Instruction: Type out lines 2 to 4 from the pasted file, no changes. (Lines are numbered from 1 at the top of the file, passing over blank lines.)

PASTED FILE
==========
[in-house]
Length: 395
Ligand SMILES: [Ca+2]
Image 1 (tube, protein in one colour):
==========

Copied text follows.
Length: 395
Ligand SMILES: [Ca+2]
Image 1 (tube, protein in one colour):